Tens of thousands of war-torn civilians in Syria flee yet more violence

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Aid agencies, military leaders and senior international officials including NATO’s secretary general, Jens Stoltenberg, and the European commission president, Jean-Claude Juncker have warned that hundreds of thousands of people are in immediate danger from Turkey’s offensive targeting Kurdish forces in northern Syria.

Syria is already hosting one of the world’s most complex humanitarian crises, with millions of people displaced both within and outside its borders, and the Turkish offensive threatens to add a frightening new dimension. Aid agencies said many of those in the area where the controversial offensive is focused have already survived the brutality of the Islamic State era. Many have been displaced multiple times during Syria’s long war.

The UK-based agency Save the Children states: “Currently, there are 1.65 million people in need of humanitarian assistance in this area, including more than 650,000 displaced by war. All essential services including food, water, shelter, health, education and protection must be consistently provided to all civilians, or we could see another humanitarian disaster unfold before our eyes. In addition to the Syrian civilians in the north-east, there are thousands of women and children living in camps across the area … who rely completely and exclusively on humanitarian aid. Any interruption to camp services which are already overstretched would put their lives at risk.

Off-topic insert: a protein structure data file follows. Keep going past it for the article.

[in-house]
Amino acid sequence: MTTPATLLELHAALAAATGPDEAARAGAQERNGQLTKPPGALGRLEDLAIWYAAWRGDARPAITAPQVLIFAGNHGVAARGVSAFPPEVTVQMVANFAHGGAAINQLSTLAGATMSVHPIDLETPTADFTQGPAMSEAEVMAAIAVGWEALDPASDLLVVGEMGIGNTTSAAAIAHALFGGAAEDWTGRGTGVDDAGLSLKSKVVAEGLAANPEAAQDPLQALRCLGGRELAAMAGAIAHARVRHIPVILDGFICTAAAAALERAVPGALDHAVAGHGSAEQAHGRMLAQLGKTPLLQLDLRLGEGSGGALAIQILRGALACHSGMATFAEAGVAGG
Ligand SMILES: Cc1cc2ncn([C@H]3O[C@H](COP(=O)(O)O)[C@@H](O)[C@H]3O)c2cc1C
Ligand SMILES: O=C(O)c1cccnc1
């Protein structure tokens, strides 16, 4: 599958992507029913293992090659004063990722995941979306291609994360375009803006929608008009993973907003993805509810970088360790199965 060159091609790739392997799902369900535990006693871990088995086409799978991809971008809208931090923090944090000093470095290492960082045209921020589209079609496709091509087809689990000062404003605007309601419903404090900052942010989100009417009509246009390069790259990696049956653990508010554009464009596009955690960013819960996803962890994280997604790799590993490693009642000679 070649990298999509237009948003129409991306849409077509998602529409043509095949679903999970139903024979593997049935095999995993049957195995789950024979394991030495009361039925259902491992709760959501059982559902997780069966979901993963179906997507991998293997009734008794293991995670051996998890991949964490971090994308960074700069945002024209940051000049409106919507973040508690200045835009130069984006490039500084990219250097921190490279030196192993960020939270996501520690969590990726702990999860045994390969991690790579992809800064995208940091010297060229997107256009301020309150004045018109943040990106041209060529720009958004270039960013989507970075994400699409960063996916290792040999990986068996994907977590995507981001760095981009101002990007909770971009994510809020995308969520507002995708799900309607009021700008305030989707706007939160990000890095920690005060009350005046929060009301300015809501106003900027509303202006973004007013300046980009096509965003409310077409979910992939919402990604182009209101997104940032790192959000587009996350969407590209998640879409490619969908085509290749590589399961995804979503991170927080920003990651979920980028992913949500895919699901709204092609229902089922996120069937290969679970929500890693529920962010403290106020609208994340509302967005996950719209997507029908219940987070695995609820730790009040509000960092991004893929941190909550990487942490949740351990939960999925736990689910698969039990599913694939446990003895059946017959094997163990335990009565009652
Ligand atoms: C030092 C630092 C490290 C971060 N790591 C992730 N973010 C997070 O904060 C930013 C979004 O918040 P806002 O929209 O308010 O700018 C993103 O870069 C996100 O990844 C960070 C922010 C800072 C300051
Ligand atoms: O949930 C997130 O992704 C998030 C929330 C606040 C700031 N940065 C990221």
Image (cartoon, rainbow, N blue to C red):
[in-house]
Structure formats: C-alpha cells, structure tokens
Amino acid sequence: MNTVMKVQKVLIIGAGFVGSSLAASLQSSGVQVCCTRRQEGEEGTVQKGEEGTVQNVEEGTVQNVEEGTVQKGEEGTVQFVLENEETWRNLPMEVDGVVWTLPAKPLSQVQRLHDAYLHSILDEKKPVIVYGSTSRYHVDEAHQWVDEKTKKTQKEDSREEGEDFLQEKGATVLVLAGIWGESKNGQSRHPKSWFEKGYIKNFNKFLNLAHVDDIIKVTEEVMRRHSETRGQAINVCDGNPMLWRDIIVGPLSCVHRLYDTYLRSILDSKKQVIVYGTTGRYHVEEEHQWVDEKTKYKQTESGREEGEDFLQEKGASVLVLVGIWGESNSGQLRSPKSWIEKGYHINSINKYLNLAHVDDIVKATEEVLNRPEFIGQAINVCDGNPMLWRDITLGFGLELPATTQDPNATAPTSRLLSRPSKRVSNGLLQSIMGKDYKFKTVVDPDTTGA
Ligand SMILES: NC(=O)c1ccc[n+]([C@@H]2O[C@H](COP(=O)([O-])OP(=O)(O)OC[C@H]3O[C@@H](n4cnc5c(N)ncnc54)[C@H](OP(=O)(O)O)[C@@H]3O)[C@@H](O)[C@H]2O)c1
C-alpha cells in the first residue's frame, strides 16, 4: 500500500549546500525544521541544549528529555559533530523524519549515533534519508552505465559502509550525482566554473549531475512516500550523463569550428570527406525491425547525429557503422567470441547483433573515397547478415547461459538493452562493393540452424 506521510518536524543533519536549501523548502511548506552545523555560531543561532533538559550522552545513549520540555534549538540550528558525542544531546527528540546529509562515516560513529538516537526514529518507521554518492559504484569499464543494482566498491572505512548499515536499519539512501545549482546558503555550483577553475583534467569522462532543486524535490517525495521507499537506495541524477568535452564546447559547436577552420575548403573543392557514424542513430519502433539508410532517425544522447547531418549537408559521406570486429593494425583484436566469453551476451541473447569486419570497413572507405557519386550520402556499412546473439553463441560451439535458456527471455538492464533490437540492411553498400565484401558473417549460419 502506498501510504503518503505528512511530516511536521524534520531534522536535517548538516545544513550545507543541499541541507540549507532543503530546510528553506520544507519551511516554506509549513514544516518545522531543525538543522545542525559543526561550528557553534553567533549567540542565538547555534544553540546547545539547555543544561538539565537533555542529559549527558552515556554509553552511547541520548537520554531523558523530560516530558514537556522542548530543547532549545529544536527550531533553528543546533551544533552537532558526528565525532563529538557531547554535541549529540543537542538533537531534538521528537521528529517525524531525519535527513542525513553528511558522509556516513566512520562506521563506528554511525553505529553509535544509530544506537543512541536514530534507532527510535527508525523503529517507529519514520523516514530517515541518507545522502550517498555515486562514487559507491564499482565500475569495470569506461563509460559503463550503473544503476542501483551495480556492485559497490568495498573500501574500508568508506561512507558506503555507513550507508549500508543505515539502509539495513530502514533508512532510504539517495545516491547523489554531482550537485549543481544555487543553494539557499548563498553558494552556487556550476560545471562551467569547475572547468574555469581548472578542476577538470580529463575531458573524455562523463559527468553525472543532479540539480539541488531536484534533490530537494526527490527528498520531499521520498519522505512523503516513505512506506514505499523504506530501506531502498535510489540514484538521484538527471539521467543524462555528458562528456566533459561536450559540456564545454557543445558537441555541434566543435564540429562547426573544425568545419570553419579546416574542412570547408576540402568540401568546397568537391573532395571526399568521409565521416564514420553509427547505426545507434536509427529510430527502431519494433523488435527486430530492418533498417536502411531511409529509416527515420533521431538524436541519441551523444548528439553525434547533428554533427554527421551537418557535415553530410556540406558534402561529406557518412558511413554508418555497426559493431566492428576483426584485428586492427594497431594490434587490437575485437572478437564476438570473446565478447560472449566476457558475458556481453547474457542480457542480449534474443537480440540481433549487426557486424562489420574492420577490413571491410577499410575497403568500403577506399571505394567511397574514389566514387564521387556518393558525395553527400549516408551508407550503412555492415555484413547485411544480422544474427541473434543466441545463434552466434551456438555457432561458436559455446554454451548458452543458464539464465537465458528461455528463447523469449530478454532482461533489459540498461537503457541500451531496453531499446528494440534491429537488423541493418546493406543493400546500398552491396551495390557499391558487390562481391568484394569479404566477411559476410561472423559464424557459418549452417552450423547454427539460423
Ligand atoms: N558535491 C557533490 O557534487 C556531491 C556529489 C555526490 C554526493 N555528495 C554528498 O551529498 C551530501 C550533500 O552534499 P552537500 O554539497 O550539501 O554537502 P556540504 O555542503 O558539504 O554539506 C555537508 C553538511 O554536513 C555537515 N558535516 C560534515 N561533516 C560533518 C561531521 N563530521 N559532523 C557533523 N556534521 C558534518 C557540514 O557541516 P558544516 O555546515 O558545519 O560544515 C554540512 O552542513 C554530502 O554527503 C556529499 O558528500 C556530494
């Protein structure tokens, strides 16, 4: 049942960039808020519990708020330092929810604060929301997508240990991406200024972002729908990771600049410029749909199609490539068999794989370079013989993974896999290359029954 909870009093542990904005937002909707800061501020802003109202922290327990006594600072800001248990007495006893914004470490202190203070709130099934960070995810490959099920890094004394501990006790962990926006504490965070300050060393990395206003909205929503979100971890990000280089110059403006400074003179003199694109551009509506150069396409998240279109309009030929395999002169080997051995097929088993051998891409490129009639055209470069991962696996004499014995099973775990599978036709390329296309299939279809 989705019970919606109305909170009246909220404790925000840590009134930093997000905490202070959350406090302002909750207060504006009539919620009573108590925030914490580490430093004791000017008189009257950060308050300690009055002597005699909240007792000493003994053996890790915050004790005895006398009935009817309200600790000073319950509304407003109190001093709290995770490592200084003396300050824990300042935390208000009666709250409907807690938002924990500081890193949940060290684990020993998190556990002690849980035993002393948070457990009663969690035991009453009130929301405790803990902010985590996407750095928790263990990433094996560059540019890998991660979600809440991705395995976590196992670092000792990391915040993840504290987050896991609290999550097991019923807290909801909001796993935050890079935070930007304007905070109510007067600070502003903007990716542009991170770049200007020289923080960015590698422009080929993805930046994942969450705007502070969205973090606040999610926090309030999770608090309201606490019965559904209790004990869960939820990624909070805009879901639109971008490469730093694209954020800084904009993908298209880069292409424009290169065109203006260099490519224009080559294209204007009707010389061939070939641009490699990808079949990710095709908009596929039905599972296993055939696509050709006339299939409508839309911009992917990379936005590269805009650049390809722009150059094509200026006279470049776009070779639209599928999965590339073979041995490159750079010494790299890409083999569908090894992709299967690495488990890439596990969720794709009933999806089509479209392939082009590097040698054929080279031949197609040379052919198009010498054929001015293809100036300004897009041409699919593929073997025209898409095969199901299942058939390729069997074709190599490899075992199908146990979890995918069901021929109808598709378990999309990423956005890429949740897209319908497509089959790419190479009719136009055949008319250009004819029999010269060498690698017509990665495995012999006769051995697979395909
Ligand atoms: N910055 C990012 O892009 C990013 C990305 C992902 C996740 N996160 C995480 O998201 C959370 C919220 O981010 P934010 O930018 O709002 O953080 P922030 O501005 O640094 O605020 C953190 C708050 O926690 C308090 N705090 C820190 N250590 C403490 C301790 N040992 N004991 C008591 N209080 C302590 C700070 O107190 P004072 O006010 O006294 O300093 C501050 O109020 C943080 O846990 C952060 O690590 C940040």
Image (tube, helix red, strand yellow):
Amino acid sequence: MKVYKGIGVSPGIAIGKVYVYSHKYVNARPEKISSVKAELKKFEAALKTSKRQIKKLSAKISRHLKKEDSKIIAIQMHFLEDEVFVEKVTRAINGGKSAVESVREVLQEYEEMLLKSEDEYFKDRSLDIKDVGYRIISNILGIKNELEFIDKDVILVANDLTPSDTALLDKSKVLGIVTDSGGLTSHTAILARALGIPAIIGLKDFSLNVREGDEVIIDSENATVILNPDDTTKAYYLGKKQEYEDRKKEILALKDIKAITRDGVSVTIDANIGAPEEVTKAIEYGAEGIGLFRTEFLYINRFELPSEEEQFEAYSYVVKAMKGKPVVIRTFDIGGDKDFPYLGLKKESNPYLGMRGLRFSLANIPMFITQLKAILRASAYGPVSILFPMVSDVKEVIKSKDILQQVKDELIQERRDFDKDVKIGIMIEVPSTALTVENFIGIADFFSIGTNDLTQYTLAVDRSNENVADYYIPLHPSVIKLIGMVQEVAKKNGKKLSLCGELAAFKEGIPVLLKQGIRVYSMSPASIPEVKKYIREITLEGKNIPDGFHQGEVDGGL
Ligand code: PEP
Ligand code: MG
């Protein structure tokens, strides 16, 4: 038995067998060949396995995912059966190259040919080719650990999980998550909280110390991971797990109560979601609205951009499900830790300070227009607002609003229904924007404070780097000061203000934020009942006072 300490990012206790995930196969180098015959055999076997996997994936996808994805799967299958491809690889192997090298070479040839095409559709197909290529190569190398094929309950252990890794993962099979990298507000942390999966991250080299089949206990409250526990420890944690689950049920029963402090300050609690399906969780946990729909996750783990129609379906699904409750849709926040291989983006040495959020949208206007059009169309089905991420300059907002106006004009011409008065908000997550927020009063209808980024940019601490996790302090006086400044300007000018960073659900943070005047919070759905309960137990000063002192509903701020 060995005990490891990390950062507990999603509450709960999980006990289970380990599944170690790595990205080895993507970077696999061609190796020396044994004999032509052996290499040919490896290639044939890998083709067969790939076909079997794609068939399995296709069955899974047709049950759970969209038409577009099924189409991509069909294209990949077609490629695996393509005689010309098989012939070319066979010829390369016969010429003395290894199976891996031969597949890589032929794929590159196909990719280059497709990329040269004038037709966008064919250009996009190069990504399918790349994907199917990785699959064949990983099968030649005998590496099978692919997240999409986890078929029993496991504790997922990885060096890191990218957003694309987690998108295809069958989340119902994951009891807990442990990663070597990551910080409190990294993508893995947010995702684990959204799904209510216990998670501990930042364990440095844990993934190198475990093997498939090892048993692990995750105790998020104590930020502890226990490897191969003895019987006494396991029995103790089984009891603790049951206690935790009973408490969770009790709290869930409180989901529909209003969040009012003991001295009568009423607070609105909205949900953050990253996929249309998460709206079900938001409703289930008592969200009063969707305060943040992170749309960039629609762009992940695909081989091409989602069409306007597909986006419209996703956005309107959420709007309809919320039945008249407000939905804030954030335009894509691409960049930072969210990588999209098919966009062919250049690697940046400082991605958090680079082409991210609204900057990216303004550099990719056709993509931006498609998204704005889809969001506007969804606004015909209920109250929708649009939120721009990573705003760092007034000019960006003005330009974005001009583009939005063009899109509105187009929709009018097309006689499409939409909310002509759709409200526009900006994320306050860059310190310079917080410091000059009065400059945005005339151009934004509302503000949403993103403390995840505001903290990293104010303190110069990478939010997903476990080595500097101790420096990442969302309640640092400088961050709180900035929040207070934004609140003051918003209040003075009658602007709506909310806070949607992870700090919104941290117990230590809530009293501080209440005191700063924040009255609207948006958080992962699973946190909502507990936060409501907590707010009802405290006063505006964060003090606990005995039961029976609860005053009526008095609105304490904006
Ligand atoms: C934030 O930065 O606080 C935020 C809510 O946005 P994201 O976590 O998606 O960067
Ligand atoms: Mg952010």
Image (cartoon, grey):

“Children in Syria who have fled ISIS-held areas are innocent and swept up in horrific events far beyond their control. Their short lives have been full of violence and fear. All children deserve [the] chance to recover.”

In sharp-edged remarks aimed at Turkey, European commission president Juncker pointed out that the EU is contributing €6bn to Turkey to help support the 3.6 million Syrian refugees in the country, adding that Europe would not contribute to the creation of a “safe zone” in northern Syria. While acknowledging that Turkey has security concerns on its border with Syria, Juncker said: “If the Turkish plan involves the creation of a so-called safe zone, don’t expect the European Union to pay for any of it.”

[The Guardian]

This entry was posted in , , by Grant Montgomery.

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